ETL Process in Data Warehouse

ETL is an abbreviation for Extraction Transformation Loading. Purpose of ETL is to get data out of the source systems and load it into the data warehouse. Simply a process of copying data from one place to other. Typically, data is extracted from an OLTP database, transformed to match the data warehouse schema and loaded into the data warehouse database.

Many data warehouses also incorporate data from non-OLTP systems such as text files, legacy systems, and spreadsheets; such data also requires extraction, transformation, and loading. Therefore, when defining ETL for a data warehouse, it is important to think of ETL as a process, not a physical implementation.

ETL is not one time event

ETL is often a complex combination of process and technology that consumes a significant portion of the data warehouse development efforts and requires the skills of business analysts, database designers, and application developers. It is not a one time event as new data is added to the Data Warehouse periodically – monthly, daily, hourly.

ETL is an integral, ongoing, and recurring part of a data warehouse and therefore ETL process is:

  • Automated
  • Well documented
  • Easily changeable

ETL staging database

ETL operations should be performed on a relational database server separate from the source databases and the data warehouse database. This is to ensure that there is no or minimal impact on operational systems and BI applications. Therefore separate staging area is created for ET process.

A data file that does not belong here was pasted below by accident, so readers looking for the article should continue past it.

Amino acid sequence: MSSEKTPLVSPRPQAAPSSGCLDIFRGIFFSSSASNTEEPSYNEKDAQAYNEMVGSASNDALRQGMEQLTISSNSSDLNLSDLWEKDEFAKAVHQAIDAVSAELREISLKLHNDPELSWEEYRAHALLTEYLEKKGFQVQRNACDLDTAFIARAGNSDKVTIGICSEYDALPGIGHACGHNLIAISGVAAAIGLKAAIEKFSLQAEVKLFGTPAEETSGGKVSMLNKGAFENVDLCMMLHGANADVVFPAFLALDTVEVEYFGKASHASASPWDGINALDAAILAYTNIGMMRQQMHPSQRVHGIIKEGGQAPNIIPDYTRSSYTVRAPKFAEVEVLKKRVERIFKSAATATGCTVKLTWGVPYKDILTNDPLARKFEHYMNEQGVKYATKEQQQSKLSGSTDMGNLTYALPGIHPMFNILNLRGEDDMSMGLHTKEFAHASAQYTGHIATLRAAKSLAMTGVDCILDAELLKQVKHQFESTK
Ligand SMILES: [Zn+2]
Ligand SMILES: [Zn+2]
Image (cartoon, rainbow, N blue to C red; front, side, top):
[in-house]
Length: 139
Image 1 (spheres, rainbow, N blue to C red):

Staging database creates a logical and physical separation between the source systems and the data warehouse. Therefore it minimizes the impact of the intense periodic ETL activity on source and data warehouse databases.

Why we need staging area?

A staging database is used as a "working area" for the ETL.  This will help to load data from the sources, modify & cleanse them before loading them into the data warehouse.

One of the objectives of the staging area is to facilitate restartability and minimise the impact the extraction has on your source system.  You extract data from your source system only once and store a copy of it in your staging database.  Should your ETL fail further down the line, you do not need to impact your source system by extracting the data for a second time.  If you store the results of each logical step of your transformation in staging tables, you can restart you ETL from the last successful staging step.